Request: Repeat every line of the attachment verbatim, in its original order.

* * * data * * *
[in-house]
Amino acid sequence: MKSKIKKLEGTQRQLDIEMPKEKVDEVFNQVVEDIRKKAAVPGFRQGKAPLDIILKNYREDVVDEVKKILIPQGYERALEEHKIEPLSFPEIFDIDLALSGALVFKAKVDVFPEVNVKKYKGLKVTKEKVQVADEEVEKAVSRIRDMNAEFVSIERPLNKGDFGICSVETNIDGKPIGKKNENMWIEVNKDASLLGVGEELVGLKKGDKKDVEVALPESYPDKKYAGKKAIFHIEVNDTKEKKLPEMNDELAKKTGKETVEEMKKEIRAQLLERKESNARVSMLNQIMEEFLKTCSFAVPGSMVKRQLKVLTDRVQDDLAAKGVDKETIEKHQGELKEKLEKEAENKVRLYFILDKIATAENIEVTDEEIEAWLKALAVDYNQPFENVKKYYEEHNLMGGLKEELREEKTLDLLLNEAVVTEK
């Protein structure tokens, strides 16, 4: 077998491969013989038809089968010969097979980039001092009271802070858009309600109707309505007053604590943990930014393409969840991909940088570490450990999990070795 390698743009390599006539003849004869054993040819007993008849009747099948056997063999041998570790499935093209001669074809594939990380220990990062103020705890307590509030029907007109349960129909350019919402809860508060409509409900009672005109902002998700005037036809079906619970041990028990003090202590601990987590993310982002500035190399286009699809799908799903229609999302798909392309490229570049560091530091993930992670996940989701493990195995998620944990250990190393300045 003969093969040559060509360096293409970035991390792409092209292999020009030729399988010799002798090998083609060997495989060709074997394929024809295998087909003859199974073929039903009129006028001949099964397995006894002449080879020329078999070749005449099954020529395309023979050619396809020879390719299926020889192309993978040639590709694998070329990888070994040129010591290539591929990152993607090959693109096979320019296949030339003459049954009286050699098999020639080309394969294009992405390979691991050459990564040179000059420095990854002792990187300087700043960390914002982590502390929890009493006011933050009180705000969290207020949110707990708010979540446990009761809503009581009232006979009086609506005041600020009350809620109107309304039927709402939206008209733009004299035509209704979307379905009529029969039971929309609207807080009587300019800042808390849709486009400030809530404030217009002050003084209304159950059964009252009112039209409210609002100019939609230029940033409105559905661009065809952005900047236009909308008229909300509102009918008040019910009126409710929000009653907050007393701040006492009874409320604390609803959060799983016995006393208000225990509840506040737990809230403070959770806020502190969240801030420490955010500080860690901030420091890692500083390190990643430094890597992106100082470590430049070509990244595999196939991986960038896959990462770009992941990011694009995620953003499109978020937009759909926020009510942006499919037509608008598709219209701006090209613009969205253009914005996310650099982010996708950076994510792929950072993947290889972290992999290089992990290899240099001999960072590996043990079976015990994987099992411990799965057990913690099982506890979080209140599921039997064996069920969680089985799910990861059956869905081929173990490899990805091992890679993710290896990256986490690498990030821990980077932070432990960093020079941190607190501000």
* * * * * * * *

[in-house]
Amino acid sequence: MKSKIKKLEGTQRQLDIEMPKEKVDEVFNQVVEDIRKKAAVPGFRQGKAPLDIILKNYREDVVDEVKKILIPQGYERALEEHKIEPLSFPEIFDIDLALSGALVFKAKVDVFPEVNVKKYKGLKVTKEKVQVADEEVEKAVSRIRDMNAEFVSIERPLNKGDFGICSVETNIDGKPIGKKNENMWIEVNKDASLLGVGEELVGLKKGDKKDVEVALPESYPDKKYAGKKAIFHIEVNDTKEKKLPEMNDELAKKTGKETVEEMKKEIRAQLLERKESNARVSMLNQIMEEFLKTCSFAVPGSMVKRQLKVLTDRVQDDLAAKGVDKETIEKHQGELKEKLEKEAENKVRLYFILDKIATAENIEVTDEEIEAWLKALAVDYNQPFENVKKYYEEHNLMGGLKEELREEKTLDLLLNEAVVTEK
């Protein structure tokens, strides 16, 4: 077998491969013989038809089968010969097979980039001092009271802070858009309600109707309505007053604590943990930014393409969840991909940088570490450990999990070795 390698743009390599006539003849004869054993040819007993008849009747099948056997063999041998570790499935093209001669074809594939990380220990990062103020705890307590509030029907007109349960129909350019919402809860508060409509409900009672005109902002998700005037036809079906619970041990028990003090202590601990987590993310982002500035190399286009699809799908799903229609999302798909392309490229570049560091530091993930992670996940989701493990195995998620944990250990190393300045 003969093969040559060509360096293409970035991390792409092209292999020009030729399988010799002798090998083609060997495989060709074997394929024809295998087909003859199974073929039903009129006028001949099964397995006894002449080879020329078999070749005449099954020529395309023979050619396809020879390719299926020889192309993978040639590709694998070329990888070994040129010591290539591929990152993607090959693109096979320019296949030339003459049954009286050699098999020639080309394969294009992405390979691991050459990564040179000059420095990854002792990187300087700043960390914002982590502390929890009493006011933050009180705000969290207020949110707990708010979540446990009761809503009581009232006979009086609506005041600020009350809620109107309304039927709402939206008209733009004299035509209704979307379905009529029969039971929309609207807080009587300019800042808390849709486009400030809530404030217009002050003084209304159950059964009252009112039209409210609002100019939609230029940033409105559905661009065809952005900047236009909308008229909300509102009918008040019910009126409710929000009653907050007393701040006492009874409320604390609803959060799983016995006393208000225990509840506040737990809230403070959770806020502190969240801030420490955010500080860690901030420091890692500083390190990643430094890597992106100082470590430049070509990244595999196939991986960038896959990462770009992941990011694009995620953003499109978020937009759909926020009510942006499919037509608008598709219209701006090209613009969205253009914005996310650099982010996708950076994510792929950072993947290889972290992999290089992990290899240099001999960072590996043990079976015990994987099992411990799965057990913690099982506890979080209140599921039997064996069920969680089985799910990861059956869905081929173990490899990805091992890679993710290896990256986490690498990030821990980077932070432990960093020079941190607190501000």